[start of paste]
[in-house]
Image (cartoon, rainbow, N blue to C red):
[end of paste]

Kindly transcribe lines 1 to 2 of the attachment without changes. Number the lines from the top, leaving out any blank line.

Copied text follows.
[in-house]
Image (cartoon, rainbow, N blue to C red):